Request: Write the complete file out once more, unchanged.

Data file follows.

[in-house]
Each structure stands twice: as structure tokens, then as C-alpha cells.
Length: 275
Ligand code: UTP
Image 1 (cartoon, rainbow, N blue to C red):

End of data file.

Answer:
[in-house]
Each structure stands twice: as structure tokens, then as C-alpha cells.
Length: 275
Ligand code: UTP
Image 1 (cartoon, rainbow, N blue to C red):